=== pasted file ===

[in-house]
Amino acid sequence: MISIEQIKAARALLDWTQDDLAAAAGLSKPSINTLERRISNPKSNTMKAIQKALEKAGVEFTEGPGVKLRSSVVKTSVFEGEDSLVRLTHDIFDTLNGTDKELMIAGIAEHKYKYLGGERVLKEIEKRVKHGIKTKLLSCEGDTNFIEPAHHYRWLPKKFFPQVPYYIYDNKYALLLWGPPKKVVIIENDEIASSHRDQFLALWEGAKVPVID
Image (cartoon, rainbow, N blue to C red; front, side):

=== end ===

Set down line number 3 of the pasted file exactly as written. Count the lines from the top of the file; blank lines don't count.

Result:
Image (cartoon, rainbow, N blue to C red; front, side):